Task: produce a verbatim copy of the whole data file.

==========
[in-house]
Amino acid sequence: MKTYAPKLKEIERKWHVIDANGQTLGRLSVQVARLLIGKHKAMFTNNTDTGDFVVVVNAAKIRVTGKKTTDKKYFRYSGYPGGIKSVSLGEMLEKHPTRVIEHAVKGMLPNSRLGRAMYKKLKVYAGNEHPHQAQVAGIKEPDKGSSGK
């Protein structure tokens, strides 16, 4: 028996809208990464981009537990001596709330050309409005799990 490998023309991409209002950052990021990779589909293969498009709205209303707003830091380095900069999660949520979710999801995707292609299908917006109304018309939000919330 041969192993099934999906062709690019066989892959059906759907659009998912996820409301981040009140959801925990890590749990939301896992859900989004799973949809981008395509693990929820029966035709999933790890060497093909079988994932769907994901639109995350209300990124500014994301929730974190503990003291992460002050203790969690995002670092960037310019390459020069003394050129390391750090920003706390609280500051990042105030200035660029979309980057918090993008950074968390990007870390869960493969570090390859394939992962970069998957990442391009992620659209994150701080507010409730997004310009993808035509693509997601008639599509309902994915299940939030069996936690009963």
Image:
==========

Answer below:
[in-house]
Amino acid sequence: MKTYAPKLKEIERKWHVIDANGQTLGRLSVQVARLLIGKHKAMFTNNTDTGDFVVVVNAAKIRVTGKKTTDKKYFRYSGYPGGIKSVSLGEMLEKHPTRVIEHAVKGMLPNSRLGRAMYKKLKVYAGNEHPHQAQVAGIKEPDKGSSGK
């Protein structure tokens, strides 16, 4: 028996809208990464981009537990001596709330050309409005799990 490998023309991409209002950052990021990779589909293969498009709205209303707003830091380095900069999660949520979710999801995707292609299908917006109304018309939000919330 041969192993099934999906062709690019066989892959059906759907659009998912996820409301981040009140959801925990890590749990939301896992859900989004799973949809981008395509693990929820029966035709999933790890060497093909079988994932769907994901639109995350209300990124500014994301929730974190503990003291992460002050203790969690995002670092960037310019390459020069003394050129390391750090920003706390609280500051990042105030200035660029979309980057918090993008950074968390990007870390869960493969570090390859394939992962970069998957990442391009992620659209994150701080507010409730997004310009993808035509693509997601008639599509309902994915299940939030069996936690009963």
Image: